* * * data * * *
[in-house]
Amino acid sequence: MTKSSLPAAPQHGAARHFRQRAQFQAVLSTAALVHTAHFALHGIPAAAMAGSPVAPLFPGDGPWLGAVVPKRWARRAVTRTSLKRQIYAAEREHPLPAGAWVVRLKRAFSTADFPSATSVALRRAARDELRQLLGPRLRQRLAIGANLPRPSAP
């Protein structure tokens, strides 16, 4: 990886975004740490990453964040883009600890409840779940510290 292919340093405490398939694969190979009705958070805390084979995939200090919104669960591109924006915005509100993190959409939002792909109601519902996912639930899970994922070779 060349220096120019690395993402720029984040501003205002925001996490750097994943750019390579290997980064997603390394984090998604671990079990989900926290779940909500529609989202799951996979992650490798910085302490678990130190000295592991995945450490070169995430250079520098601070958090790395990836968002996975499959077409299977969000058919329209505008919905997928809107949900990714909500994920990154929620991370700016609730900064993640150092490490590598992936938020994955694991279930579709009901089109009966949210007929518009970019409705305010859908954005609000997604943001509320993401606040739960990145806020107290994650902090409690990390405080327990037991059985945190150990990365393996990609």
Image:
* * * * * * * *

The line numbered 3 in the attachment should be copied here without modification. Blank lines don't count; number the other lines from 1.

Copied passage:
């Protein structure tokens, strides 16, 4: 990886975004740490990453964040883009600890409840779940510290 292919340093405490398939694969190979009705958070805390084979995939200090919104669960591109924006915005509100993190959409939002792909109601519902996912639930899970994922070779 060349220096120019690395993402720029984040501003205002925001996490750097994943750019390579290997980064997603390394984090998604671990079990989900926290779940909500529609989202799951996979992650490798910085302490678990130190000295592991995945450490070169995430250079520098601070958090790395990836968002996975499959077409299977969000058919329209505008919905997928809107949900990714909500994920990154929620991370700016609730900064993640150092490490590598992936938020994955694991279930579709009901089109009966949210007929518009970019409705305010859908954005609000997604943001509320993401606040739960990145806020107290994650902090409690990390405080327990037991059985945190150990990365393996990609």